17. As already indicated in paragraph 2 above this is an important issue.
Our modern societies are „information societies”, also in the sense that all of us, government agencies as well as citizens, to a large extent depend on various kinds of information, notably on information provided by (other) citizens. This applies in particular to government agencies: countless administrative decisions – whether imposing a duty or granting a favour – are based on such information. Information which simply cannot always be verified beforehand. One must, therefore, be able to rely on the veracity of such information. However, the old virtue of truthfulness has largely disappeared from modern morals. We have become „calculating citizens”, putting our own interests above those of the community. No wonder that fraud in multiple forms is the bane of our societies: fraud in the field of taxes and social security, fraud in the field of governmental subventions, fraud in the environmental sphere (illegal disposal of dangerous waste), fraud in the sphere of the arms trade and drugs (money laundering), fraud in the corporate sphere which may imply any species of the other frauds just mentioned. Frauds that are all the more tempting since our computerised world with its manifold cryptographic devices makes it much easier to effectively hide them.
It is generally accepted, therefore, that the mere threat of penal and other sanctions does not suffice, but that regular random as well as special proactive audits, inspections and investigations by highly specialised agencies are indispensable for effectively combating such frauds. The auditors not only need expert knowledge, they also cannot do without „appropriate special powers”. That normally includes not only the right to inspect correspondence and files, to verify books and accounts, but also to require a certain degree of active cooperation by those under investigation, to be informed of passwords and other secret information, to secure the handing over of documents and replies to questions. Normally, such rights are enforceable by threat of punishment.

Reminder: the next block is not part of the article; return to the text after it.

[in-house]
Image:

Hence – and because, obviously, such audits may imperceptibly evolve into a criminal investigation – there is an inherent conflict with the right to silence and the privilege against self-incrimination.
18. This conflict may be solved in various ways and I think that we should realise that, even in a given legal system, different solutions may coexist. (s.n. – M. M.-B.)
Judecătorii CEDO Martens și Kuris
(Opinia disidentă în cauza Saunders împotriva Marii Britanii, CE:ECHR:1996:1217JUD001918791, 1996)